Surgeon General, family receives COVID-19 despite safety precautions
Surgeon General, family receives COVID-19 despite safety precautions

Surgeon General, family receives COVID-19 despite safety precautions

WASHINGTON (AP) – Surgeon General Vivek Murthy announced Friday that he and his young family have COVID-19 despite their best efforts to avoid infection by being vaccinated and taking other precautions.

The American doctor wrote on Twitter, “Once you have been as safe as you can, it can be frustrating and disappointing to get COVID-19. I have felt that. It can also be a source of shame. Many people assume that you must “We have been careless to get sick. Our safety measures reduce the risk, but they can not eliminate the risk. Nothing can.”

As new cases and hospitalizations plummet, and deaths have finally begun to decline, the Murthy family’s struggle with COVID draws attention to the real risks of a virus that many people assume is finally on the way out.

Murthy, a regular participant in White House briefings COVID task force, said he and his wife, doctor and political activist Dr. Alice Chen, has mild symptoms. She has headaches and fatigue and he said he was dealing with muscle aches, chills and sore throat.

“Our breathing is thankfully fine,” he wrote.

FIL – Surgeon General Vivek Murthy testifies before the Senate Finance Committee on Capitol Hill in Washington on February 8, 2022 on mental health care for young people.(AP Photo / Susan Walsh, Fil)

Murthy, his wife and their 5-year-old son have been vaccinated and boosted. Their 4-year-old daughter is too young to be eligible for vaccination.

The children are doing well, Murthy wrote.

His daughter, “who tested positive first, is fine,” he said. “Fever is starting to get better. She is still overwhelmed and is now hoarse from all the coughing, but luckily she is still smiling and enjoying her arts and crafts.”

“Our son has a runny nose and low fever, but otherwise eats, drinks, plays with his sister and watches his favorite cartoons,” Murthy added.

“It’s been chaotic at home with all of us sick, but I would not want to navigate this with anyone but Alice,” he said.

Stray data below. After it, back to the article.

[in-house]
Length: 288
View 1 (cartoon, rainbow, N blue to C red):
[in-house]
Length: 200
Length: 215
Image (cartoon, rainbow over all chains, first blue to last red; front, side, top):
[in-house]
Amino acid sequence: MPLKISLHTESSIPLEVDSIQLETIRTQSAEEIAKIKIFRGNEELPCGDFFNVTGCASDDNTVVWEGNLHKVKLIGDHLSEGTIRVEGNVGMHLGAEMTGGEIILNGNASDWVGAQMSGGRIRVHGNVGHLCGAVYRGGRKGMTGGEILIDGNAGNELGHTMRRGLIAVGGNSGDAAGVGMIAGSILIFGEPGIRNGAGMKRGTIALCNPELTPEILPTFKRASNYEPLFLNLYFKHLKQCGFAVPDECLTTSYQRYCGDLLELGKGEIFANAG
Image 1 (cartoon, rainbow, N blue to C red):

Murthy was not present at Wednesday’s COVID briefing in the White House. The White House said Murthy has not had any recent contact with President Joe Biden and that COVID was not the reason for Murthy’s absence from the briefing.

As a general surgeon, Murthy called early on for COVID misinformation and misinformation, urging Americans to follow tested public health guidelines and get vaccinated and boosted.

That he and his family became ill illustrates the ruthless efficacy of the omicron variant, which has a number of mutations that increase its ability to evade vaccines. However, government officials say data clearly shows that the fully vaccinated retain significant protection against serious illness and hospitalization, and for those who get their booster shots, the resistance to getting sick is even greater.

Although unvaccinated people are still far more likely to get sick, be hospitalized or die, the omicron wave has also seen many vaccinated people become infected. It has disrupted family and work routines and increased the burden on overcrowded hospitals.

Murthy said his confidence in vaccines remains unshaken.

“An important source of peace of mind for us: we and our son have grown / strengthened,” he wrote. “Vaccines are very effective in saving our lives and keeping us out of the hospital. As parents, I can not tell you how reassuring it is to know that we will be able to take care of our children even if we become infected. . “

Murthy served on Biden’s transition team as co-chair of the coronavirus advisory board and is said to enjoy a close personal relationship with the president. His trademark is a soft, empathetic way of speaking in public. Even before the pandemic, he warned of the strain of loneliness in America.

Murthy’s family roots are in India, but as a young man he lived in Miami. His father had a medical clinic where both parents worked. The son spent weekends helping and says it was here he discovered the art of healing.

On Friday, Murthy sought to comfort those who have tried to protect themselves and are still ill.

“If you’ve done everything you can and still got COVID-19, then do not beat yourself up,” he wrote. “Many of us do the best we can. And let’s not assume that those who get sick are careless. We do not know people’s relationships. They may not be able to protect themselves as we can.”

Copyright 2022 The Associated Press. All rights reserved.

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